i am running into exactly this problem on my current contract. here is the scenario:
* UDP traffic (an external requirement that cannot be influenced) comes in
* the UDP traffic contains multiple data packets (call them "jobs") each of which requires minimal decoding and processing
* each "job" must be farmed out to *multiple* scripts (for example, 15 is not unreasonable)
* the responses from each job running on each script must be collated then post-processed.
so there is a huge fan-out where jobs (approximately 60 bytes) are coming in at a rate of 1,000 to 2,000 per second; those are being multiplied up by a factor of 15 (to 15,000 to 30,000 per second, each taking very little time in and of themselves), and the responses - all 15 to 30 thousand - must be in-order before being post-processed.
so, the first implementation is in a single process, and we just about achieve the target of 1,000 jobs but only about 10 scripts per job.
anything _above_ that rate and the UDP buffers overflow and there is no way to know if the data has been dropped. the data is *not* repeated, and there is no back-communication channel.
the second implementation uses a parallel dispatcher. i went through half a dozen different implementations.
the first ones used threads, semaphores through python's multiprocessing.Pipe implementation. the performance was beyond dreadful, it was deeply alarming. after a few seconds performance would drop to zero. strace investigations showed that at heavy load the OS call futex was maxed out near 100%.
next came replacement of multiprocessing.Pipe with unix socket pairs and threads with processes, so as to regain proper control over signals, sending of data and so on. early variants of that would run absolutely fine up to some arbitrarry limit then performance would plummet to around 1% or less, sometimes remaining there and sometimes recovering.
next came replacement of select with epoll, and the addition of edge-triggered events. after considerable bug-fixing a reliable implementation was created. testing began, and the CPU load slowly cranked up towards the maximum possible across all 4 cores.
the performance metrics came out *WORSE* than the single-process variant. investigations began and showed a number of things:
1) even though it is 60 bytes per job the pre-processing required to make the decision about which process to send the job were so great that the dispatcher process was becoming severely overloaded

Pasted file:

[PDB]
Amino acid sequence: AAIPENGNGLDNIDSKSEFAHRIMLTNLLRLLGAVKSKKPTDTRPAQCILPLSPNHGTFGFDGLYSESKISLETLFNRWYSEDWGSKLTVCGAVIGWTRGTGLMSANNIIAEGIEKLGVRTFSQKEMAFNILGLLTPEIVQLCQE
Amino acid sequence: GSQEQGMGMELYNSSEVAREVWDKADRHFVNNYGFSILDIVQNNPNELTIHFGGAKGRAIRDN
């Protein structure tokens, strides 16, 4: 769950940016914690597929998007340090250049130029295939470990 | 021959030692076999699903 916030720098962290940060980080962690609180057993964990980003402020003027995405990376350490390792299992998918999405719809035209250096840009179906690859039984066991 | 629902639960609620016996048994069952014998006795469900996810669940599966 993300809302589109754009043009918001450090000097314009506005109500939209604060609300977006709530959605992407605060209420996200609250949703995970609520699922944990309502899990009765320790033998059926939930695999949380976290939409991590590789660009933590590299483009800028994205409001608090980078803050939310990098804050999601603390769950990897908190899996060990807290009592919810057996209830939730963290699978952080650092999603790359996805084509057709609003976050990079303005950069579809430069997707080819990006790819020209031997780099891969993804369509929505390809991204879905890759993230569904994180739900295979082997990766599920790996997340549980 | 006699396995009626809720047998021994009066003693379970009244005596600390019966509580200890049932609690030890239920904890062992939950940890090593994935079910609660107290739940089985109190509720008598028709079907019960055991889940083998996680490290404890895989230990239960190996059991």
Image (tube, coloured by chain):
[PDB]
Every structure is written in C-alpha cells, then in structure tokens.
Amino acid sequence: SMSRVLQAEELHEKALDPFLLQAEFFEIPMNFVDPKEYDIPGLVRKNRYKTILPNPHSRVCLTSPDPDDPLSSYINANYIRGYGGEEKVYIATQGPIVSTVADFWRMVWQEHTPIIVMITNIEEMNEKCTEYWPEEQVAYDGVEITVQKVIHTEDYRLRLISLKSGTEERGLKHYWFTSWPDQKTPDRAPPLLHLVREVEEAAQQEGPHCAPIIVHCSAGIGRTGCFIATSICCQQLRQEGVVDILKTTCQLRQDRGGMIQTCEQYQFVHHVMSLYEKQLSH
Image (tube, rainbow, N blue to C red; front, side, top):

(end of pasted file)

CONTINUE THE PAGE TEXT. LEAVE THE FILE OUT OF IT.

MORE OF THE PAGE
2) each process was spending approximately 5 to 10% of its time doing actual work and NINETY PERCENT of its time waiting in epoll for incoming work.
this is unlike any other "normal" client-server architecture i've ever seen before. it is much more like the mainframe "job processing" that the article describes, and the linux OS simply cannot cope.
i would have used POSIX shared memory Queues but the implementation sucks: it is not possible to identify the shared memory blocks after they have been created so that they may be deleted. i checked the linux kernel source: there is no "directory listing" function supplied and i have no idea how you would even mount the IPC subsystem in order to list what's been created, anyway.
i gave serious consideration to using the python LMDB bindings because they provide an easy API on top of memory-mapped shared memory with copy-on-write semantics. early attempts at that gave dreadful performance: i have not investigated fully why that is: it _should_ work extremely well because of the copy-on-write semantics.
we also gave serious consideration to just taking a file, memory-mapping it and then appending job data to it, then using the mmap'd file for spin-locking to indicate when the job is being processed.
all of these crazy implementations i basically have absolutely no confidence in the linux kernel nor the GNU/Linux POSIX-compliant implementation of the OS on top - i have no confidence that it can handle the load.
so i would be very interested to hear from anyone who has had to design similar architectures, and how they dealt with it.